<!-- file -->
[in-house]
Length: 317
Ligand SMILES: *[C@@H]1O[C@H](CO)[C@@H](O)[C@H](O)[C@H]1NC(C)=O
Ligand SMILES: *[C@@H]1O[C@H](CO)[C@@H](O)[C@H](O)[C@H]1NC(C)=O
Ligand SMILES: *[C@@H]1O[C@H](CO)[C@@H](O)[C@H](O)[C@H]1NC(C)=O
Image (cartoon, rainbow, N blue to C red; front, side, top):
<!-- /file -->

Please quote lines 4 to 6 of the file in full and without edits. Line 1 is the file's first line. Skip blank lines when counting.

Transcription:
Ligand SMILES: *[C@@H]1O[C@H](CO)[C@@H](O)[C@H](O)[C@H]1NC(C)=O
Ligand SMILES: *[C@@H]1O[C@H](CO)[C@@H](O)[C@H](O)[C@H]1NC(C)=O
Image (cartoon, rainbow, N blue to C red; front, side, top):